Building permits are applied for, one parcel at a time. The impact on the water column must be evaluated based upon criteria that can be applied to that single parcel. Unless we apply these criteria to each and every building permit and road project in the entire county, little will be accomplished in protecting the marine environment. A number of court cases support this per-parcel concept.

If water quality were actually an issue, acceptable limits for water quality entering the salt chuck from each parcel should be defined.  Keep in mind that the salt chuck water column could be violated by water often traveling a great distance in storm drains, and all those water sources would need to be addressed in our shoreline document and applied to new building permits based upon the geographic constraints of that particular parcel.

With Low Impact Development (LID) construction techniques and our knowledge of natural cleaning processes, we now have the tools to appropriately address any remaining water quality problems without building another bureaucratic monster that retains the problem at ever increasing cost.

DOE’s proposed approach would likely result in another layer of restrictive land use regulation upon shoreline property owners, accomplish nothing for the marine environment and further escalate our cost of housing.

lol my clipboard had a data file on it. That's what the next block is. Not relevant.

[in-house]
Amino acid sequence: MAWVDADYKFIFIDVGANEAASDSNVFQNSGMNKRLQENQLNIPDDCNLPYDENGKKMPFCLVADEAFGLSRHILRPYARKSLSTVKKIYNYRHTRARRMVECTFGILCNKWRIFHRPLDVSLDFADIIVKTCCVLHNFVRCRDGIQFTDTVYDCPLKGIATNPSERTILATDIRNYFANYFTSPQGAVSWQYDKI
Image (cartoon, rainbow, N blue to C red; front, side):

Dr. Don Floracommented that his analysis of the Bainbridge Island near-shore data indicated that approximately 97% of the influence on habitat was from natural causes and that only 3% could be attributed to human-caused activities.  The public can’t be too strong in its contention that the county’s (non?)-scientific approach is not just biased, it is just plain wrong. Courts have consistently ruled against the “precautionary approach” of over-regulating land uses to provide for science which may someday appear.

We are at a fork in the road regarding the update of the SMP. Are we intent on improving the “looks” of the shoreline or are we to take expensive actions that will not improve the salt water for marine organisms?  We need to define the problem publicly before we lurch off to create “solutions” that may not become solutions at all, but create further problems.

Kitsap County DCD’s Patty Charnas reminded us that DOE has final approval authority of the SMP, and if Kitsap’s shoreline regulation didn’t meet the expectations of DOE, they would draft our plan for us.  This is simply implied extortion and does not justify DCD’s proposing a plan, which is scientifically unsupportable and economically unsustainable.

From our SMP update we need a set of practical, scientifically based guidelines that can be used by our DCD when approving shoreline building permits that in fact prevents harm to the marine environment in Puget Sound.

Respectfully submitted for the record,

Michael A. Gustavson

Published January 2, 2011 Bainbridge SMP Update, Commentary, Kitsap County, Real ScienceLeave a Comment (Edited and condensed for republication by David Cable, Common Sense Alliance, with permission of the Author)